NEW LEBANON, N.Y. — A little bit of South Boston — Southie — comes to New Lebanon this week when Pulitzer Prize-winning playwright David Lindsay-Abaire’s “Good People” begins a two-weekend run Thursday, Sept. 9 at The Theater Barn.
Set primarily in South Boston’s Lower End, the play, which premiered at Manhattan Theatre Club in New York in 2011, focuses on Margaret — better known to her friends as Margie (with a hard “g”) — a feisty, scrappy 50-something blue-collar single mother whose daughter requires constant attention.
Margie is up against it. She’s been fired from her job at a local dollar store and is facing likely eviction from the apartment she rents from a friend, Dottie, who lives upstairs.
She’s a high school dropout who's been unable to hold a job and the prospects for finding work are, at best, limited.
Margie seizes on a possible way out of her dilemma when she learns that an old high school flame, Mike Dillon, who got out of Southie, has returned to Boston after years away and established a successful medical practice. On the urging of a friend, Margie contacts Mike and arranges to meet him at his office in the hope he will offer her a job. It’s a meeting that leads to a far more consequential encounter at Mike’s Chestnut Hill home before the play returns to Southie for a resolution that turns on something unexpected.
“[Margie] may have dropped out of high school, but she’s intuitive. She knows how to push Mike’s buttons,” said well-known regional actress Kathleen Carey, who is playing Margie in director Phil Rice’s production.
“She’s Southie, from the Lower End and she’s proud of being Southie.”
“I don’t think [Mike] is a great guy but it’s not all black and white,” said Christopher Brophy, who is playing Mike.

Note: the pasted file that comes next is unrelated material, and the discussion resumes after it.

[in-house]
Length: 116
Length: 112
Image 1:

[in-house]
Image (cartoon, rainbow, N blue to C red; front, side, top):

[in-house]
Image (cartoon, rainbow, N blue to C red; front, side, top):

Brophy is a Pittsfield native who left the city after graduating high school “to live my life as an actor,” he said, and recently returned to look after his mother.
“Mike never gave back. He got out of Southie and everything worked out for him. He married a doctor’s daughter,” Brophy said. “He is a charmer. He is complicated.”
Rice directs the theater program at North Colonie Central School District in Latham, N.Y. The freelance director’s numerous directing credits at The Theater Barn include Yasmina Reza’s “God of Carnage” (with Carey in the cast) and Agatha Christie’s “Witness for the Prosecution.” He’s been wanting to direct “Good People” ever since he saw a production several years ago in Albany, N.Y. He loves the play’s blend of comedy and pathos.
In this play, Rice said, Lindsay-Abaire is asking who’s good people and what does that mean — especially in an environment in which life is a matter of day-to-day survival?
“All these people are facing something that is out of control,” said Allen Phelps, Theater Barn producing artistic director, during a socially-distanced in-person interview in the Theater Barn lobby, where he was joined by Rice, Carey and Brophy.
Carey is a Troy, N.Y., native whose acting credits include productions at Albany Civic Theater, Curtain Call, Hubbard Hall, Schenectady Civic Playhouse and The Theater Barn. She was drawn to “Good People” by two things: First, the opportunity to work again with Rice (they’ve collaborated on several productions at The Theater Barn and various theaters in New York’s Capital District) — “It’s a complicated play,” she said. “I know I’m in good hands with Phil;” second, Lindsay-Abaire’s writing. The role of Margie is “right in my wheelhouse,” Carey said. “I love learning the words, finding the nuances in Margie, the range of emotions in each scene, finding those ups and downs.”
In addition to “Good People,” Lindsay-Abaire’s plays include “Fuddy Meers,” “Kimberly Akimbo,” the book for “Shrek: The Musical,” “Wonder of the World” and his Pulitzer Prize-winning “Rabbit Hole.”
Phelps is hopeful Theater Barn audiences will connect to “Good People’s” themes and the rich human dimensions of Lindsay-Abaire’s characters.
Phelps was born and raised in New Lebanon; spent a number of years away in Boston, coming back in summers to work at the theater. He’s now back to stay. He’s taken over running The Theater Barn from his parents, Joan and Abe Phelps, who founded the non-Equity theater 37 years ago. He also operates a food truck that specializes in grilled cheese sandwiches.
“I’m here. This is me,” he said.
Because there are so many layers to the play and its characters, Phelps is hoping theatergoers will see “Good People” more than once.
“These characters can be pushed to the limit,” he said, “but they are good people.”